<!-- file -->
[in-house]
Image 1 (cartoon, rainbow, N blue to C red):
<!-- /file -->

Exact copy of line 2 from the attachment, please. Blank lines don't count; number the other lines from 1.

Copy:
Image 1 (cartoon, rainbow, N blue to C red):